Why is EMPATHY the key to brand success in the 21st century?


In 2008, Karina Encarnacion, an eight year-old girl from Missouri, wrote to President-elect Barack Obama with some advice about what kind of dog he should get for his daughters.

She also suggested that he enforce recycling and ban unnecessary wars.

Obama wrote to thank her, and offered some advice of his own:

“If you don’t already know what it means, I want you to look up the word ‘empathy’ in the dictionary. I believe we don’t have enough empathy in our world today, and it is up to your generation to change that.”

(from the New Yorker)

In this article I look at empathy.

Why is EMPATHY they key to brand success in the 21st century?

And why do brands get it wrong?


In the early 1970s the Polish regime hushed up the results of a research project conducted by some government economists.

The survey found that the average female Polish worker got up at 5a, spent more than two hours a day traveling to and from work, 53 minutes queuing for food, nine hours a day working, an hour and a half cooking and on housework and less than 6.5 hours sleeping.

Despite a wealth of data access at their fingertips, the system was collapsing internally. The government surrounded itself with walls. By the end of the 80s, Poland as well as the entire Eastern Bloc was falling apart. Walls and regimes fell swiftly and irrevocably.

Poland’s government had all the data they needed but lacked the one thing that made the data relevant – empathy.

sherlock holmes possessed legendary capacity for empathy

sherlock holmes possessed legendary capacity for empathy

It’s the sort of scenario Sherlock Holmes would have relished. Often called in to unstick a seemingly unsolvable problem caused by stuffy and ineffective professional police detectives, Holmes would lend his seemingly extraordinary powers to these mere mortals with razor sharp insight.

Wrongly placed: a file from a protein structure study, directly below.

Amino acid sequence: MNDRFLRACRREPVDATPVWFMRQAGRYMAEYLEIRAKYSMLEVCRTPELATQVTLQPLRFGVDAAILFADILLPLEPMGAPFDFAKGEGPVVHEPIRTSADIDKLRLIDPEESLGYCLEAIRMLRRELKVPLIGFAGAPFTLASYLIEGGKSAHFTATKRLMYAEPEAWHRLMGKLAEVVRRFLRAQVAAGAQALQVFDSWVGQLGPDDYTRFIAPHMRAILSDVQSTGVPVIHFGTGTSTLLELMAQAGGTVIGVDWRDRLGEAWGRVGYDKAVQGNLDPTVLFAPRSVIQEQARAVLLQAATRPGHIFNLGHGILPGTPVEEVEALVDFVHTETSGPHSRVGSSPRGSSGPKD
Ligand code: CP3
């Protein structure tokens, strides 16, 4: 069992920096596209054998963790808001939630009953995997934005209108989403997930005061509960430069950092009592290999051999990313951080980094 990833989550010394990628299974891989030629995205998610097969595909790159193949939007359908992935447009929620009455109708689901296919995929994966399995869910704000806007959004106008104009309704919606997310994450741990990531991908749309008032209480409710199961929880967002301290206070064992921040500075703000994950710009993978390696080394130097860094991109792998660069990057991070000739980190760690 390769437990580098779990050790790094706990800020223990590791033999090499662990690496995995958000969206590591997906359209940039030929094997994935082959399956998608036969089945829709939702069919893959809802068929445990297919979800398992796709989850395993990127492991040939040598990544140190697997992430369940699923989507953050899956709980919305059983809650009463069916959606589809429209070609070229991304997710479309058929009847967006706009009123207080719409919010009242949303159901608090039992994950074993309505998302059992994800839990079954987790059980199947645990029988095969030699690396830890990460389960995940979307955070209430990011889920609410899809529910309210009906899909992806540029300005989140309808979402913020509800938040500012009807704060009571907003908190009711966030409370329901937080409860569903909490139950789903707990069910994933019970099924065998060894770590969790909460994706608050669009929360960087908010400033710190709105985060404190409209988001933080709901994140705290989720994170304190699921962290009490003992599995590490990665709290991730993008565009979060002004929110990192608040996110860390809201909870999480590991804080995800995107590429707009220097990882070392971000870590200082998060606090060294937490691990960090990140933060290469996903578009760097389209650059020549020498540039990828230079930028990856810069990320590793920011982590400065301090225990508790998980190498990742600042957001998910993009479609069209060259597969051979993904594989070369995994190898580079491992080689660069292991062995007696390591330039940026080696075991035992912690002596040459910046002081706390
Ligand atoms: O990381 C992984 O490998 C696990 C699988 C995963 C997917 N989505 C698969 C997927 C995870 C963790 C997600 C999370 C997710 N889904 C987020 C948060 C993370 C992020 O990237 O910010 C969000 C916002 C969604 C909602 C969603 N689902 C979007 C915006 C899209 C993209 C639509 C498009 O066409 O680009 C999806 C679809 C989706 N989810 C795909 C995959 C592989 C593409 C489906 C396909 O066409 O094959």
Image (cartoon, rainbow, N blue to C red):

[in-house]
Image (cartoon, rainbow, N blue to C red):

In the Silver Blaze (1892) Holmes is called in to help a constable out.

By putting himself in the position of both the dead trainer and the missing horse. Holmes speculates that the horse is ‘a very gregarious creature’. Surmising that, in the absence of its trainer, it would have been drawn to the nearest town, he finds horse tracks, and tells Watson which mental faculty led him there. ‘See the value of imagination… We imagined what might have happened, acted upon that supposition, and find ourselves justified.”

Holmes provides the cues that enables the constable to solve the case but not without exposing the stuffy police force for being largely ineffective.


Empathy: the ability to understand the feelings of a person.

According to this source, the word Empathy was introduced into the English language by the psychologist Edward B. Titchener as a translation of the German term Einfühlung used by the German philosopher Theodor Lipps.

The German word literately means ‘Feeling into’.

More than ever understanding the emotions of a customer is a hard, quantifiable business edge.

What is empathy?Ability to feel the emotions of others
Why is empathy important?Because brand success is increasingly defined by brands who go deeper into customer lives, not broader in search of new customers
How does empathy affect marketing?Empathy helps marketers understand their pain points and social drivers. This information forms the basis of marketing strategy and product development
How does we increase empathy?You can’t train people to become more empathic – people are naturally equipped with skills of empathy. What you need to do is create the right business environment that allows empathy to happen naturally